Nov. 27 (UPI) -- The massive shopping crowds that have traditionally followed the day after Thanksgiving were missing Friday as businesses across the country made changes to adapt to the coronavirus pandemic, which has made this Black Friday different from any other.
Large retailers like Target and Walmart had game plans in place to limit the number of customers entering their stores as the coronavirus resurged in many communities around the country. They spread out discount sales usually reserved for Black Friday through the month to help discourage long lines.
The measure appeared to have worked at the usually busy Walmart in the Miami suburb of Cooper City, where a small line of people waited for the store to open Friday morning after it had closed for Thanksgiving. The line quickly disappeared once the store opened its doors.
Retailers are hoping those moves and a significant boost in online shopping will make the holiday season successful. The National Retail Federation said it anticipates holiday sales in 2020 will jump 3.6% to 5.2% from 2019.
"We know this holiday season will be unlike any other, and retailers have planned ahead by investing billions of dollars to ensure the health and safety of their employees and customers," NRF President and CEO Matthew Shay said this week in a statement.
"Consumers have shown they are excited about the holidays and are willing to spend on gifts that lift the spirits of family and friends after such a challenging year," Shay said.
Only a handful of people showed up at the Academy department store in Houston but nothing like the lines that typically show up there on Black Friday to nab gaming consoles and other entertainment items.
"I'm happy the line isn't as big," one shopper said. "That means I can get more stuff. I came out here to get a few TVs, and hopefully, I can get a PS5."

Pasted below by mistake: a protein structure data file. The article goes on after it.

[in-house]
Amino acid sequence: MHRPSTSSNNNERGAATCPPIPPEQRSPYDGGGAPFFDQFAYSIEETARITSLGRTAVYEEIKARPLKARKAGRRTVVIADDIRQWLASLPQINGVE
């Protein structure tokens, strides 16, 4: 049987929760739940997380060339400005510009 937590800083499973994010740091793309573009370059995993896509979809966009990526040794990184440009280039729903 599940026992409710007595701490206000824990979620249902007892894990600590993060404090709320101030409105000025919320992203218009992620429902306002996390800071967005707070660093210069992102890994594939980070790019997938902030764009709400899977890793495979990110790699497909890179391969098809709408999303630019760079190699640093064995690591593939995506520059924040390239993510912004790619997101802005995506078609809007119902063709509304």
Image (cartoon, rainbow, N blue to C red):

Even smaller stores are taking coronavirus restrictions seriously. Abt Electronics in suburban Chicago will check the temperatures of customers at the door and have up to 30 parking spaces reserved for pickup orders.
"I don't think we'll have to tell people to wait outside," owner Mike Abt said. "But you know, that's a potential and we've never had to do that ever in the past. Everyone really wants to make your store look like it's less crowded, so we're keeping employees real far away we're getting people in and out as soon as possible if they want to come in."
While the major retailers can weather the smaller crowds on Black Friday, D'Cher Whitaker said her small Chicago-based boutique Love Peridot needs the large crowds to help it rebound from the down spring and summer because of COVID-19 restrictions.
"Everything is at stake," Whitaker said. "If you don't shop small, our families are at stake. If you don't shop with us, we may not be here next year, so it's very important."
Black Friday proved mixed overseas. Non-essential retailers remained closed in Britain, slowing shopping markedly, with Barclaycard Payments reporting a 13.2% decrease in payment volume compared with 2019's Black Friday.
In Israel, the government allowed additional malls to open to accommodate shoppers. Most malls had been closed in the country since March because of the coronavirus. In a lottery held on Thursday, nine malls were selected to open along with the six that had previously been announced, which filled with customers Friday.
Guam, one of the first countries to participate in Black Friday shopping, reported that shoppers mostly followed social distancing guidelines and crowds were smaller than in the past. A struggling economy, leaving customers with less money to spend, has also affected the shoppers on the street there.